Wow. You might be surprised at how often this exact situation comes up in families. It is definitely a problem between the parents and has nothing to do with the kids.

It’s reasonable that you foster table manners at home even if the kids know what the rules are outside of the home. You are laying the groundwork here and it will go a long way in determining if you really want older kids who conduct themselves in the same manner they are exhibiting now. Highly doubtful.

You both have clear ideas about what is important. And, they are both valid. There is no right or wrong way. But, as you said, the kids are watching and your continued fighting about this issue is teaching them all kinds of things that they will later use in their own parenting and in the relationship they have with their spouse. So ask yourself, what are you modeling for the kids and do you want them to model what you are doing? If the answer is no, then it’s time to work on a solution, and the solution is about you and your husband getting on the same page.

So here is what I suggest.

1. Sit down and find out WHY you are more relaxed about meal time. Think about your own childhood experience and dive into it. What was meal time like for you? What memories do you have? If they are good ones, elaborate on why they are good memories. Did you feel loved, accepted, relaxed, fun? Is this what you are trying to duplicate with your own kids? If so, then it’s possible that you could create those same feelings using a different strategy. If you didn’t exercise good table manners, when did they kick in?

2. Likewise, have your husband talk about his own childhood experience around mealtime. What are his recollections? What did meal time mean to him and his family? Did he feel relaxed, connected, and happy during mealtimes? If he did, then he associates those feelings with the way meals were conducted and is trying to duplicate that feeling. Perhaps he remembers being criticized for not sitting up straight or for having bad manners and dinners were a stressful time. Maybe he is trying to avoid all of those feelings and thinks the only way to do that is for the kids to do what they are supposed to and then everyone can relax. Perhaps he would be open to a different way of doing things if he wants the kids to have positive memories of meal time.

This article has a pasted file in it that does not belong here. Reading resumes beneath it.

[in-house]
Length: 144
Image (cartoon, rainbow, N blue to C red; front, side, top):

This doesn’t mean either of you will change overnight, but it gives you something to work on together.

3. It doesn’t matter that YOU think it’s no big deal and that he should just chill out. Your spouse thinks it’s a big deal and your job is to uncover why and then work with him to come up with a strategy that supports what you both want. You are going to have tougher parenting issues to get through and if you aren’t working together on these daily challenges, it’s going to be tough to work together on more sensitive issues.

Focus on the relationship you have with your parenting partner and make that your priority for a few days, weeks or months. At least until you can come together, support each other, respect each other’s childhood experiences and then decide what it is you want for your family.

Have fun

Be Patient. Your Child is Remarkable.

This is a personal story and for those of you who know or have been following me, you know that I don’t share much outside of the classroom, and can appreciate that this is a rare occurrence. However, I think sometimes those of us with older kids, can share a bit of our experience to help younger parents along the parenting path. I know how much I cherished hearing about the ups and downs from the parents I respected who had older kids.

So Here Goes